• The delivery address should not be a P.O box/FPO/APO address in most countries, but there are a few countries where you can also deliver to a P.O box address
  • The package must adhere to the maximum weight and dimensions specified by eBay for different countries (varies between 66-150 lbs.)
  • The sale price should not exceed the specified limits, $2,500 max for most countries (shipping and handling excluded)
  • Standard eBay and PayPal fees apply such as insertion/listing, sale and PayPal cross-border payment transaction fees
  • If your domestic return policy is different than the international one, add it to the listing
  • Use eBay labels, if not, make sure to upload tracking information manually
  • Listing should preferably include weight and dimensions of the package and country of origin/manufacturing for quicker customs clearance
  • Whenever possible, all items should be shipped in one package, as a single order
  • And most importantly, ship after receiving the payment confirmation

Restricted/Prohibited Categories and Items

You can view the comprehensive list of restricted categories and items at eBay Global Shipping Program page, but here are some for reference

Restricted categories

  • Business and Industrial heavy equipment, attachments and websites
  • Smart watches
  • Virtual currency
  • Storage and media accessories
  • Motor parts and accessories
  • Gift cards and coupons, prepaid gaming cards
  • Fragrances
  • Backyard poultry supplies
  • Fresh-cut flowers and supplies
  • Real estate
  • Specialty services excluding hats, handbags and accessories, jewelry and some other items falling under custom clothing and jewelry
  • Stamps
  • Travel items excluding luggage and accessories, travel accessories and maps
  • Wholesale items and bulk lots

Prohibited items (most of which are also prohibited locally) include obscene material, child pornography, hate propaganda, narcotics including controlled substances, any form of currency such as bonds, credit cards and certificates, any kind of weapon including knives, tobacco, medical materials and bio specimens, perishable items, animals and plants, COD shipments, precious metals, replicas, fine arts, lasers, nutritional supplements and printer toners


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Common misconceptions

Everything might not turn out to be as planned in the beginning, but this shouldn’t hold you back from expanding your businesses internationally. It takes time and determination to achieve success and one should always be ready to learn new things and improve accordingly. Let’s have a look at the two common misconceptions surrounding international business:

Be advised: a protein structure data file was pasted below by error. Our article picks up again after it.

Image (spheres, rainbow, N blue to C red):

Canada and UK are the best markets to start with

While that might be true for certain products that have high demand in these countries, UK and Canada aren’t necessarily the best countries to begin with. Sure, entering these markets is fairly easy and you don’t have to deal with many obstacles such as language barriers, but they might not be the most profitable. You can end up making a lot less because of higher tax rates, VAT etc. Demand and profit margin for your products might be much higher elsewhere in countries like Japan. That’s why proper planning is so important in this business an in-depth market analysis can provide you with a fair idea of where you should be focusing on.

The more markets you serve the better

That’s not recommended for sellers who are about to venture into international markets. Focusing on one or just a few markets provides you with the time and feedback you need to rethink you strategy and adjust accordingly. Expanding to more markets becomes easier when you know where you can earn more profit (and where a higher demand of your products exists).


There are many things that you’d have to figure out yourself when expanding your businesses to markets outside the US. It’s highly recommended to translate your listings into the local language. This helps buyers relate the products to themselves, build trust and create a sense of familiarity. Listings and product descriptions should be informative, yet interesting and target the audience at a personal level. For example, explain how features of a certain product benefit the users and how they can improve their lives instead of merely listing specifications. Communicate at an emotional level because humans make decisions based on emotions, not logic (exceptions are always there, but that’s how it mostly works). And if you want to learn how to run cross marketing for online businesses, visit the given link.